What is a DNS server, is it different from an ISP?

3 Mins read
  • DNS stands for Domain Name System. It keeps track of your computer or mobile device’s location on the internet at all times. It converts a string of characters – such as Google – into a set of numbers and letters known as an IP address.

Information at your fingertips, instantaneously. The days of using outdated methods for research are over now that the world has gone digital. DNS servers are one of the internet’s magic tricks that make it possible for you to access content on any device without having to worry about memorizing IP addresses or spending hours trying to find the right version of a document. But what really is a DNS server.

What is a DNS server?

DNS stands for Domain Name System. It keeps track of your computer or mobile device’s location on the internet at all times. It converts a string of characters – such as Google – into a set of numbers and letters known as an IP address. For example, a Google server would have an IP address like . DNS servers know how to convert that string of numbers and letters into your computer’s or mobile device’s location on the internet, literally saving you from having to remember what number is for what website.

How does DNS work?

DNS servers are computers that have lists of websites, their IP addresses, and other information. Even though there are millions of computers all over the world running DNS servers, each person’s list of websites is unique to them. Your computer or mobile device logs onto a DNS server in order to find out which IP address it should use for a given website. It is important to note that any time you enter a URL into your browser or any other application, your computer or mobile device is using a DNS server to translate the URL into an IP address so it knows where to go.

For example: you type www.google.com into your browser and it tells your computer to connect to the DNS server at . Here’s how this might look in your internet browser:

You can see that when you go to a website, the IP address is the first thing you see (in this case, ). The IP address is actually made up of 4 numbers separated by periods (in this case, 213-46-131-2). When you type a URL into any application or try to access an online resource, your computer or mobile device looks up the website’s IP address on a DNS server. DNS servers often keep the IP address of the original website and another that you use to access the resource.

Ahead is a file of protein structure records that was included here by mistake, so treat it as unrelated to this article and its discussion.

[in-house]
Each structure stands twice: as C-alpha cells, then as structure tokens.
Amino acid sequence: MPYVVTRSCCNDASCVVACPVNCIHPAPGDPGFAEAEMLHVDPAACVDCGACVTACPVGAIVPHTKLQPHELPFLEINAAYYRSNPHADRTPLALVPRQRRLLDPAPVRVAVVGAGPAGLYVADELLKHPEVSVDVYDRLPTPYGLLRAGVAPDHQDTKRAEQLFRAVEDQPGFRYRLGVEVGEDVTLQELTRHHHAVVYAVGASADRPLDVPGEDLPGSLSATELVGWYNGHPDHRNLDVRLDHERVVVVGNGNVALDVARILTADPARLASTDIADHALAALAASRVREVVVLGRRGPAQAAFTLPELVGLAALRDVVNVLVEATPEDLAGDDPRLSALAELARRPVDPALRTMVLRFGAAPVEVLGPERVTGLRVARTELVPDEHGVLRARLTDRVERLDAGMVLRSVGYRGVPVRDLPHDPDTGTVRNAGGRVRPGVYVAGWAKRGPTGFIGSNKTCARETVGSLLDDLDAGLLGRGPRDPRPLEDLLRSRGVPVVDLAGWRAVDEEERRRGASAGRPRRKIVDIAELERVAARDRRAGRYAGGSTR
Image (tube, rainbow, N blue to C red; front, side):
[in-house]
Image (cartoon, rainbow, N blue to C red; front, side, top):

From there, your computer or mobile device sends a message to the chosen DNS server and then receives a reply in return, telling it exactly how to connect to the website.

Today, most people access websites without even thinking about DNS servers. This is because it’s almost impossible to browse the internet without using them. However, it’s important to know that DNS servers are just one of many ways that allow you to access the internet. There are also IP addresses, subnetting, IP routing/forwarding, and various other computer science functions that allow your computer or mobile device to connect to the internet.

What is the difference between a DNS server and an ISP?

DNS servers are used by all computers and mobile devices on the internet so there’s nothing special about them. However, your ISP is different than a DNS server because an ISP provides your communications channels (usually through cables/wireless etc. which are the means through which you access the internet). So in short, they are both essential for your computer or mobile device to access the internet, but they are two different things.

For example: your ISP is Comcast, and DNS servers are Google DNS1, Google DNS2, etc. Comcast connects you to the internet using cables/wireless signals that give you access to the Google DNS servers. If any of them are down or inaccessible for some reason then you won’t be able to get on the internet. A common error message that you might see is “DNS server not responding” or “DNS lookup failed” (you may need to contact your ISP if this happens).

What is a Resolver?

A resolver is a computer that handles the translation of information from one system (such as an IP address) to another (such as a website). A resolver converts an IP address into the domain name of the resource it refers to. Usually, this DNS server will be hosted on your ISP. For example: if you were trying to find a website and you entered an incorrect URL into your browser, your computer would contact your ISP’s DNS server and ask what website it should display.

What is a Reverse DNS Lookup?

A reverse DNS lookup is when you enter a fully qualified domain name into a DNS resolver and the DNS server returns the corresponding IP address. For example, if you wanted to find out what IP address www.google.com was using, you would enter the following information into your computer’s browser:

You can see here that “www” is actually “” and “google” is actually . When you enter the domain name into the DNS server, it will return an IP address.


Now that you know what a DNS server is and how it works, you can easily go back to using the internet without having to worry about knowing which IP address is for what website. It’s enough of a hassle to have to memorize the thousands of websites that exist today, without having to remember an unlimited number of IP addresses.

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